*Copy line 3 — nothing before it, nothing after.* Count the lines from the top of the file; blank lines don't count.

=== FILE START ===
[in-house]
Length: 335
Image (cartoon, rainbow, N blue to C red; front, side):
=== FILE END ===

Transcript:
Image (cartoon, rainbow, N blue to C red; front, side):